Monday was the first day of school, but the last day that Port St. Joe Jr./Sr. high school and middle school students had a free pass to run off any remaining summertime energies with cheers, chants and competition.

It got loud in the gymnasium of the high school as each class showed up wearing their designated colored t-shirts to enjoy a day filled with inter-class games and a pep rally between introductory lecture and lunch periods.

The Student Government Association (SGA) members dressed in costumes, and colored their hair. Members spent last week decorating the halls, and ramping up the, “Super Mario World” Nintendo video “Game On” theme, with colorful posters, lots of balloons, and super glittery signs, to designate each class’s sections in the bleachers.

SGA sponsor this year, Lindsey Summerland, said, “It’s about getting spirit up for our school.”

Summerland came to Port St. Joe from LaGrange, GA and said she’d never been a part of any school that did a first day celebration.

“It’s all about letting them be loud with their grade level and bonding through their colors. It’s a great way to get started,” she said. “It also helps the new kids get used to what is expected.”

President of the SGA, senior, Hannah Fulk said, “It’s about beautifying the school and getting new and old students totally feeling excited. Dread is a part of every first day, so the point is to spread the excitement so someone who dreads school doesn’t.”

Bryson Lee, a member of SGA, said that school spirit means, “Everyone is going out of their way to come together,” he said, referring to the executive board’s cooperation during its workweek and the high school’s approximately 80 students per grade-level.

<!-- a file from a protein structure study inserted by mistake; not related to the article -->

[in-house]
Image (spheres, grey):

The program began with a welcome speech, from Fulk, in which, she said, “All of you students have taught me. It’s our job to inspire those after us one party chant at a time.”

The Pledge of Allegiance was led by NJROTC and a rules video, created by SGA covered not being tardy, phone use, the school’s zero-tolerance drug policy, plus public displays of affection, fighting, and dress code.

Then the senior high games, junior games and finally, school-wide games began.

Spectators thought students would never tire of tug-of-war, but other activities included a relay race in which kids ran to a chair to pop balloons and another that students slid friends along the floor in sleeping bags. Hungry Yoshi, based on the board game, Hungry Hippos, was also a hit, and involved students, being pushed on roller carts and collecting plastic balls.

“It’s an easy first day,” said one middle school teacher standing by, “and the best way to get rid of nerves.”

Eighth graders Rainey Smith, and Cameron Lindey agreed, “It’s funny to watch.”

Those in the incoming freshman class had mixed feelings about having this much fun on a school day.

“It’s awesome!” said Sammia Brown.

“It’s something!” said Michah Enfinger. “We’ve already gotten loud and loud and crazy is our specialty!”

Midway through the afternoon, Summerland said, “This really encourages taking risks. To not worry about high school pressures, enjoy the friendships, and make memories.”

Senior, Hannah Anderson remembers her first year and said, “By playing games, we get to chill out, and that helps.”

Principal John Dailey echoed, “It’s a day they get to relax, with their peers, plus it gets the seventh- and eighth-graders involved with the older kids in a no-pressure environment.”

The day ended with a pep rally led by cheerleaders during which shark flags flew, football team was introduced and band played.

Port St. Joe Elementary also had a busy first day with assemblies to get the jitters out for grades one through six. Each class read a pledge that principal, Joni Mock explained.

“Our motto is: work hard, be kind, and soar. It was an awesome day and went smoothly,” she said.

Fulk’s final message was not to rush through the school experience.

“Now, is our time to be closer, than we’ve ever been,” she said.

Overall, while there were a few hiccups in just readying schools and teachers for Monday, Superintendent of Schools Jim Norton said the first day went off without a hitch across the district’s four public schools.

“Everything went pretty smooth,” Norton said. “Let’s say this; once the first bell rang we were off.”